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Drone News – April 21, 2016
FAA Approves Commercial Operation of Drones at Night
Wall Street Journal
The Federal Aviation Administration has issued the first approval for flights of small commercial drones at night, according to lawyers for the operator, in the latest sign of how quickly U.S. regulators are moving to authorize expanded uses of unmanned aircraft.
Responding to pent-up industry demand for more flexible rules, the move will allow the U.S. unit of Toronto-based Industrial Skyworks Inc. to perform nighttime inspections of buildings and roofs with specially equipped drones flown by trained pilots—and under a spate of additional safety conditions.
But the FAA’s decision, which could set an important precedent for the nascent industry, highlights that agency leaders are discarding or revising earlier operating restrictions for unmanned aircraft systems as part of the policy shift that seems to be gaining speed.
Until the exemption was granted this week, agency officials repeatedly said any operations of drones after sunset—even small models or ones with enhanced safety features—would have to wait until further tests, analyses and formal rules were completed. The flights still must be conducted within sight of the operator on the ground.
An FAA spokeswoman didn’t have any immediate comment. But in a detailed, 24-page decision, John Duncan, head of the FAA’s flight-standards service, laid out the reasoning behind the new conclusion. The decision capped an administrative proceeding that stretched some 16 months.
In addition to requiring anticollision lights on the drone visible to pilots of manned aircraft and anybody else at distances up to 5,000 feet, the operator agreed to notify agency officials days before certain flights commence. Also, the person controlling the drone will be a traditional pilot with the required medical certificate plus mandatory training in night flights; the unmanned vehicle must automatically provide the pilot with its precise location and altitude; and the company pledged to halt or land flights immediately in case of serious technical glitches, or if unauthorized vehicles, individuals or aircraft encroach on the area. Nighttime roof inspections with specialized sensors can be helpful in detecting budding structural problems.
FAA officials “took their time to carefully evaluate our application,” but in the end “we demonstrated that nighttime (operations) can enhance commercial missions while reducing risks to people and property,” according to Kenneth Quinn, the company’s attorney and head of the aviation and drone practice in Washington, D.C., for Pillsbury Winthrop Shaw and Pittman LLP.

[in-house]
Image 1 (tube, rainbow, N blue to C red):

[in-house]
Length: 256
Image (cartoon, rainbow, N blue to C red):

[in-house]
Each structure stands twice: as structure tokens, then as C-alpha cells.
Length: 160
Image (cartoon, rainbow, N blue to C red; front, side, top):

The approval comes weeks before the FAA is expected to issue long-awaited rules for widespread commercial operations of small drones, covering an array of uses ranging from airborne photography to agriculture to inspections of power lines, pipelines and cell towers. So far, such unmanned vehicles have been conducting commercial flights based on thousands of individual exemptions previously OK’d by the agency. But demands for a different system have been growing dramatically, particularly as Congress prods the agency to open up more uses and the FAA projects that a total of more than seven million drones may be purchased over the next 15 years by hobbyists, average consumers and would-be commercial operators.
On Wednesday, FAA Administrator Michael Huerta told a drone-industry conference in Florida the agency was pushing hard to change traditional safety practices to be more nimble and responsive. “We’re growing and learning all the time,” Mr. Huerta stressed in his prepared remarks. “Clearly there is a middle road, where safety and innovation coexist on relatively equal” footing, “and we feel like we’re hitting a sweet spot lately.”
In the decision document, the agency emphasized that “operations at night pose a higher safety risk because the reduced visibility makes it more difficult for the remote pilot to visually locate” drones, or “determine the relative separation with other aircraft” to avoid potential collisions.
Still, the FAA determined there would be adequate safeguards to allow operations in the dark. For starters, the agency noted the company had experience flying drones at night in other countries. Moreover, roof-inspection drones slated for this country will fly preprogrammed routes, taking off and landing only from locations that will be illuminated. And the FAA is mandating the operator to formally notify other potential airspace users of its plans, and to coordinate with agency air-traffic control facilities to prevent possible conflicts.